March 2, 2005 5:18 PM PST
Friendster befriends blogs--and fees
Friendster, a so-called social-networking site of linked personal profiles, launched a beta, or test version, of Friendster Blogs, a section of the site that lets people post and archive the daily musings known as blogs.
"Start sharing your thoughts, opinions, stories, favorite music, movies, books and anything else you want others to know about you, your life, your interests and your friends!" reads an advertisement posted to Friendster home pages.
Friendster entered the media spotlight for firing an employee who kept a blog that included what she termed "publicly available" information about the company.
Friendster Blogs, whose underlying technology is provided by San Francisco-based Six Apart, is notable in that it merges two Web trends--social networking and blogging--and also helps nudge the social-networking sites toward fee-based revenue models.
Friendster was not immediately available for comment.
Social-networking sites like Friendster, Tribe.net and LinkedIn have earned tens of millions of dollars in venture capital investments, but solely on the basis of the throngs of people who have signed up for the free sites. Fees are a rarity in the social-networking world. Business-oriented LinkedIn this week said it would charge companies to post job listings.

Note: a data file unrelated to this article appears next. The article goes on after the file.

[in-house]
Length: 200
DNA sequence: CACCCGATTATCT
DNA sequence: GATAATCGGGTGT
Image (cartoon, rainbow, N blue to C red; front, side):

Friendster, which recently defended its ad-based revenue model and disavowed any plans for fees, introduced three paid upgrade packages with Friendster Blogs.
The default option when users sign up for a blog is Friendster Blogs Basic, for $4.95 per month or $49.50 per year. That option boasts extra storage and bandwidth.
Friendster Blogs Pro, for $14.95 per month or $149.50 per year, offers "expert control over HTML, archive types and unlimited Web logs. Perfect for advanced users," the company said in a statement.
Friendster Blogs Plus, for $8.95 per month or $89.50 per year, lets users create photo albums, keep up to three blogs, and personalize the look of the blog.
The free version offers a number of differently designed templates and lets people post some photos.
Friendster said it is making the service available only to consumers in the United States and Canada, and that a broader rollout is planned.
The company also said its service will support mobile blogs, or "moblogging," which lets people update their blogs with images and text from small computing devices and Internet-ready cell phones.
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